In models controlling for smoking status, gender and age, we have found a significant 1.8-fold increased risk of bladder cancer among subjects with mean LINE1 methylation levels in the lowest decile of methylation, ranging from 57.89 to <74.25%, as compared to subjects with >74.25% LINE1 methylation. This suggests that LINE1 hypomethylation is an independent risk factor for bladder cancer and that it may be an excellent biomarker. Our results are consistent with a previous report that also noted a significantly increased risk of bladder cancer amongst patients with lower global DNA methylation levels, as assessed by the radioactive methyl-incorporation assay (27
). Interestingly, unlike that report we did not observe a dose-dependent association of LINE1 methylation extent with bladder cancer risk, but rather saw only an association with disease risk at the lowest level, a result consistent with our previous work examining LINE1 methylation in head and neck cancer (18
We also observed that the risk of non-invasive bladder cancer was increased almost two fold for subjects in the lowest LINE1 methylation decile, while there was no significant association in invasive cases. This is of interest, because it suggests that LINE1 methylation may be a specific biomarker of noninvasive disease. The mechanism responsible for this apparent distinction is unclear but it is consistent with the fact that there are well known differences in this disease associated with an invasive pathology (4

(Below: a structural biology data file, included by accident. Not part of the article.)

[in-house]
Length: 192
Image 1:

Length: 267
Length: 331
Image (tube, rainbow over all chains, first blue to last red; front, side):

In examining the predictors of lowest tenth decile of LINE1 methylation we found that women were greater than two-fold significantly more likely to have reduced LINE1 methylation extent. This finding is consistent with a study which found that females had statistically lower methylation levels than males in LINE1 and Alu repeats measured from whole blood (34
) as well as with our previous work in head and neck cancer (18
). Two other studies did not find a significant association between LINE1 methylation and gender in leucocytes and in adenomas; however, these studies did not use a large number of subjects and may have been underpowered to observe this association (17
). Our gender-stratified analyses further suggest that the risk for bladder cancer conferred by low LINE1 methylation extent is significant only among women, and is consistent with Moore et al. (27
) who observed a similar increased risk of bladder cancer among women with reduced overall global DNA methylation levels.
Our finding of reduced LINE1 methylation in relation to arsenic exposure is consistent with experimental data showing that arsenic and its inorganic salt, arsenite, induce DNA hypomethylation in cultures of human lung and rat hepatocytes, as well as in rat livers through feeding studies (35
). A study in Bangladesh, with endemic, high level arsenic exposures, observed that reduced DNA methylation was a risk factor for arsenic-associated skin lesions (38
) but found a positive relationship between urinary arsenic concentrations and global DNA methylation in peripheral blood leucocytes (using the radioactive methyl-incorporation assay) (39